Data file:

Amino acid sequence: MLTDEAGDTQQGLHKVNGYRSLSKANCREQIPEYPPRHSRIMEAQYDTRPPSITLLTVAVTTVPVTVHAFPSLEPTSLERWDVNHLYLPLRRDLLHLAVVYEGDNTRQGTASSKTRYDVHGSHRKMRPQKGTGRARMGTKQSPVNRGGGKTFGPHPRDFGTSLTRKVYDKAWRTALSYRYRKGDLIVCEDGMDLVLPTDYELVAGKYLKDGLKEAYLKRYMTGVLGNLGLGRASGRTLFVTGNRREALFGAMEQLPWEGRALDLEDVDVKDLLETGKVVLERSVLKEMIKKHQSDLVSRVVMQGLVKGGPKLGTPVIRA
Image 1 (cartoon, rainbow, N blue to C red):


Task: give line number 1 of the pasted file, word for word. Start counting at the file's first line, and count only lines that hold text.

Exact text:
Amino acid sequence: MLTDEAGDTQQGLHKVNGYRSLSKANCREQIPEYPPRHSRIMEAQYDTRPPSITLLTVAVTTVPVTVHAFPSLEPTSLERWDVNHLYLPLRRDLLHLAVVYEGDNTRQGTASSKTRYDVHGSHRKMRPQKGTGRARMGTKQSPVNRGGGKTFGPHPRDFGTSLTRKVYDKAWRTALSYRYRKGDLIVCEDGMDLVLPTDYELVAGKYLKDGLKEAYLKRYMTGVLGNLGLGRASGRTLFVTGNRREALFGAMEQLPWEGRALDLEDVDVKDLLETGKVVLERSVLKEMIKKHQSDLVSRVVMQGLVKGGPKLGTPVIRA